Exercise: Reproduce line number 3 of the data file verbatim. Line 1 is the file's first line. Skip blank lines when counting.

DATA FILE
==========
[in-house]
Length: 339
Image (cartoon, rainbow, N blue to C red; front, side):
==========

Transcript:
Image (cartoon, rainbow, N blue to C red; front, side):